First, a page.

Ed Stetzer: Three Church Planting Trends That Need to Die

I’ve seen lots of great church planting practices, and many not-so-great ones. Too many churches open and then close too often because, instead of looking to God, they were looking to themselves.

Ed Stetzer: Three Church Planting Trends That Need To Die

Over the years, I’ve seen lots of great church planting practices, and many not-so-great ones. Too many churches open and then close too often because, instead of looking to God, they were looking to themselves. Even more unfortunate is that many church plants continue to exist but are like an enclave for the small community of people who attend. It’s like the community couldn’t care less that the church exists.

We must always ask ourselves: What difference does my church plant make in this community and in the world?

It’s a significant question that will take lots of prayer and good planning. As you consider this, let me share three church planting trends that need to die if we are to begin and sustain church plants that glorify God and keep us on mission with him.

1. Communicating (implicitly or explicitly) that all other churches are really bad and ours is the best.

I have seen this a lot over the years. For example, a mailer may go out and the messaging says something like, “Here are the top 10 reasons church is boring…but ours is awesome!” When we devalue other members of the body of Christ to lift up the uniqueness of our congregation, it’s a net loss for the kingdom.

We must aim for a spirit of humility that allows other churches to thrive while God grows ours at his own pace.

2. Offering a completely weekend-centric ministry.

There’s a well-known pastor who says it’s all about the weekend. My belief is that if it’s all about the weekend, then it’s probably all about the pastor. And if it’s all about the pastor, then it’s a broken system and a broken church plant.

Weekend-driven church planting produces weekend-driven congregations, which ultimately produce events, not congregations and communities.

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We must aim instead to be a community of people who walk together Sunday through Saturday and who see each day as an opportunity to worship God and draw others into his kingdom.

3. Planting churches simply to meet the niche needs of Christians.

We don’t plant churches to be “the most contemporary church in town” or “the most charismatic church in town” or “the most Reformed in town.”

Instead, we must plant churches with one end goal in mind: to help us be on mission to show and share the love of Jesus with those who don’t know him. Sure, our churches can have their own style in terms of worship, preaching and practices, but these must not determine how and why we plant churches.

We must aim to plant churches for the glory of God and the good of the community, not to meet our own needs.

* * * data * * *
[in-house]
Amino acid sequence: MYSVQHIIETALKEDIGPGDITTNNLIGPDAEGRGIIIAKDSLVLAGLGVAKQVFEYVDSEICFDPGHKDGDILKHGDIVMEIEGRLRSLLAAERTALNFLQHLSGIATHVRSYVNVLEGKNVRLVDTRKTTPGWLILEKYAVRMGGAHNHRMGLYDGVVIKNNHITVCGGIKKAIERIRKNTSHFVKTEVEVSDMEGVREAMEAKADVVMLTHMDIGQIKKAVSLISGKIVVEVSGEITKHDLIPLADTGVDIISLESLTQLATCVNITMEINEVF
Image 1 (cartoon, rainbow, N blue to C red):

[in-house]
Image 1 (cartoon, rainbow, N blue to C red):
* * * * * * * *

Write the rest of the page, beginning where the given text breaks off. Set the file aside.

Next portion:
So as you consider planting a church, consider why you are doing it and seek to avoid the above pitfalls. And if you have already planted a church, continue to check yourself as to how you are communicating, how often you meet and the spirit in which you serve God and others.



This article first appeared in Outreach Magazine, and is used by permission.

Read more from Ed Stetzer »

Ed Stetzer holds the Billy Graham distinguished chair of church, mission and evangelism at Wheaton College and the Wheaton Grad School, where he also oversees the Billy Graham Center for Evangelism.

Ed Stetzer
Ed Stetzer is President of LifeWay Research and LifeWay’s Missiologist in Residence. He has trained pastors and church planters on five continents, holds two masters degrees and two doctorates, and has written dozens of articles and books. Ed is a contributing editor for Christianity Today, a columnist for Outreach Magazine and Catalyst Monthly, serves on the advisory council of Sermon Central and Christianity Today's Building Church Leaders, and is frequently cited or interviewed in news outlets such as USAToday and CNN.
  • Jeffrey Altman

    I agree, but feel the last point needs discussion. The needs of those within a church seemed to get ignored in favor of meeting needs of those outside the Church. It seems to me that evangelistic efforts and discipleship need not be opposing realities in the Body. We are all broken people. Church planting efforts begin, not with the healthiest, most disciples folk around, but often with needy folk. What seems missing in this scenario is the need to meet the needs or two kinds of people in church planting. Those on the inside and those on the outside. For those on the inside, discipleship is prime. Not only learning how engage the unchurched, but learning things like deep prayer, what Dallas Willard calls “gentle apologetics,” and the pursuit of holiness. These things are essential for believers’ health. Otherwise we bring people into our fellowship of brokenness and wonder why our plant doesn’t prosper.